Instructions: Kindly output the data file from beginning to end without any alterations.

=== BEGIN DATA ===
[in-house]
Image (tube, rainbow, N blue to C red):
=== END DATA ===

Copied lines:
[in-house]
Image (tube, rainbow, N blue to C red):